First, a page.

Return on investment has been the first concept on the lips of marketers this year. Yet according to a new survey, they may have been talking about it rather than acting on it. Keeping marketing activity levels up may be more important to many companies than the beneifts their business is seeing from them.
When SPSS asked 100 marketing professionals what their most important business objectives were at present, just 5 per cent put ROI as their top priority. Well ahead of that were ongoing activities like customer acquisition (29 per cent), customer service (20 per cent), customer retention (19 per cent) and cross or up-selling (15 per cent).
“Our concern is that, when you stand the talk about ROI up against the practice, it is very low,” says Colin Shearer, senior vice-president of strategic analysis at SPSS. “The over-arching thing is to continue marketing activity. The danger is in confusing activity with outcomes, thinking that if you are doing enough marketing, that will drive the business.”
When the recession first started to hit, this was the argument made by top-level marketers and consultants. Looking back to previous downturns, they argued that companies which maintained spending came out quicker and thrived better.
Several things make the current economic climate fundamentally different to previous ones, however. Previous downturns were caused either by soaring prices (like the 1970s oil shock) or stalling consumer spending and rising inflation. This time round, there has been a total absence of funding for companies, who have had to cut investments or go under.
The second difference is the availability of tools to support evidence-based decision making. Marketers now have the luxury of predictive analytics, yet just 3 per cent place prime importance on accountability on a financial level and only 1 per cent said reducing the level of fraudulent and high-risk customers.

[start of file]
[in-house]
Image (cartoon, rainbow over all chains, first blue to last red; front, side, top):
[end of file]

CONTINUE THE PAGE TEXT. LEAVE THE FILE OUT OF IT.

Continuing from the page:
“The impact of marketing activity can be measured for its impact on sales outcomes and the cost-effectiveness of campaigns. Yet what we are seeing are marketers trying to ensure they use the best messages and offers, but they are still running large campaigns so nobody gets missed,” says Shearer.
With only 8 per cent giving top priority to targeted communications, it is clear that there is a gap between what is possible in terms of identifying best prospects and modelling the outcome of a campaign, and actually applying that to reduce volumes while maintaining results. “That is a strong message and it is a win-win,” he says.
It is tempting to imagine that data-driven marketing is the preserve of large organisations with the resources to adopt it. Yet the SPSS study found that in smaller companies (those with fewer than five people in the marketing department), 16 per cent said ROI was their top priority, while in large organisations (with more than 50 marketers), only 7 per cent said it was.
“It is down to individuals who get it. People in smaller organisations are at the shaper end and are less insulated – their marketing is judged for its contribution to the business’s success,” says Shearer. “These things are there for the taking.”
Introducing predictive analytics into a small business is likely to impact right across the organisation. In large organiations, the benefits may be constrained to a single department or line of business, but it might have a disproportionately large impact. At Saga, for example, implementing predictive analytical solutions from SPSS enabled cost savings and revenue increases worth £1 million in year one.
Resistance to change could be one reason by SPSS found a low level of importance being given to ROI. In particular, marketers may be unwilling to let go of their personal and creative input. According to the survey, 7 per cent said they primarily make their marketing decisions using gut feel, with 36 per cent combining instinct and proven results.
“Decisions that have no basis in fact, but are pure gut feel, are always risky,” warns Shearer. “Does using predictive analytics mean that marketers just turn the whole thing over to machines that build smart models? No – they are built and run by people in order to enable marketers to do their job better.”